This week, the new rules for personal data transfers to countries outside the United Kingdom (“UK”) went into effect. As of March 21, 2022, businesses transferring personal data from the UK to countries outside the European Economic Area (“EEA”) need to analyze their data flows and update their agreements involving data transfer practices to reflect the UK Data Protection Authority’s (“ICO”) new standard contractual clauses.
Under both the European Union’s General Data Protection Regulation (“GDPR”) and the UK Data Protection Act 2018, businesses are required to implement certain safeguards when transferring personal data outside the UK to countries “without an adequate level of data protection.” Standard contractual clauses (“SCCs”) are largely used to validate these types of transfers in the European Union as permitted under GDPR. However, following the “Brexit” transition period that concluded on December 31, 2020, GDPR no longer applied to the UK. Further, when the European Union revised SCCs in June 2021, the changes did not apply in the UK, and companies were left with confusion on how to effectuate personal data transfers outside the UK.
To address this confusion, the ICO issued a toolkit of SCCs in the form of two documents:
- International Data Transfer Agreement (“IDTA”). This document is the equivalent of the new EU SCCs for international data transfers from the UK to countries without “essentially equivalent” privacy laws. The IDTA may be executed as a standalone agreement to accompany an underlying agreement or master services agreement to comply with UK Data Protection Laws. Like the new EU SCCs, the IDTA places extensive contractual obligations on both importers and exporters of personal data, including obligations that take into account the European Court of Justice decision in Schrems II.
- UK Addendum to EU’s 2021 SCCs. This Addendum allows companies subject to both UK Data Protection Laws and GDPR to secure international data transfers without executing a separate and independent agreement such as the IDTA. The Addendum is a nine-page document that amends certain clauses of the new EU SCCs so that exporters of personal data can simply use the new EU SCCs for international data transfers from the UK.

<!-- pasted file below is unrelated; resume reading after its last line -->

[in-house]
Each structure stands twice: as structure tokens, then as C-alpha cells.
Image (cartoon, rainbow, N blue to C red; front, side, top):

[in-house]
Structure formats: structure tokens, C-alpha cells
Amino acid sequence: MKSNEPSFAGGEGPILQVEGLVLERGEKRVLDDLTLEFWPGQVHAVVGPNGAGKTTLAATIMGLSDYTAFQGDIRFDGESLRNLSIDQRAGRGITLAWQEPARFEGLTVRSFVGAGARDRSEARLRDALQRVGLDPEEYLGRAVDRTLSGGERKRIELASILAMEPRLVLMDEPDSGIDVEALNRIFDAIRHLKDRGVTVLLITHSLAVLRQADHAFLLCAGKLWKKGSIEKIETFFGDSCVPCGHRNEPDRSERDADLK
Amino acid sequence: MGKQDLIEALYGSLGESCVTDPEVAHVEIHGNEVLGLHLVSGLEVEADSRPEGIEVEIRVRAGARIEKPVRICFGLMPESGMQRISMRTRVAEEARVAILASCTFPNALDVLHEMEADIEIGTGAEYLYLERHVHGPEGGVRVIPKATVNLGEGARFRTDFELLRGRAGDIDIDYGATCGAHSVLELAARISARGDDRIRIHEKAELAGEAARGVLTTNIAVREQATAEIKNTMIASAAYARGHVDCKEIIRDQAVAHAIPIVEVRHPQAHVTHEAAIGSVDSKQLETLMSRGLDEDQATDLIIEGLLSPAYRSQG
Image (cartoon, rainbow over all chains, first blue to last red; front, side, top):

A natural question for businesses is whether they should use the IDTA or the Addendum when transferring personal data to third countries. At this time, the EU Commission has remained silent regarding the IDTA and the Addendum, but businesses that operate in both the UK and EU need to comply with both GDPR and UK Data Protection Act 2018. Because the EU Commission has not approved the use of the IDTA with amendments to recognize international data transfers from the EU, organizations with global operations and third-party vendor data flows may ensure compliance by using the new EU SCCs with the Addendum. Doing so is a more efficient and cost-effective strategy than using the IDTA and building additional mechanisms upon it.
The IDTA and the Addendum are currently in effect. ICO has confirmed in the “transitional provisions” that organizations entering into the “old” EU SCCs with UK incorporating language on or before September 21, 2022, will remain a valid means of making international transfers until March 21, 2024. This is similar to the EU Commission’s “grace period” for relying upon the “old” EU SCCs for international data transfers outside of the EU. Under the Commission’s grace period, organizations are no longer permitted to enter into the old EU SCCs, but can rely upon such SCCs in agreements executed prior to September 27, 2021, until December 27, 2022.
International data transfers can be incredibly technical and implicate several international laws and regulations. As part of any data governance program or contract review process, we recommend mapping and classifying the data transfers and working with counsel to confirm compliance efforts. For more information on the IDTA and Addendum, Data Processing Agreements, or other privacy matters, please contact Taft’s Privacy and Data Security team.